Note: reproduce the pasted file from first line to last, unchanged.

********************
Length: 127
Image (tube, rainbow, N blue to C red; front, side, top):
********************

Length: 127
Image (tube, rainbow, N blue to C red; front, side, top):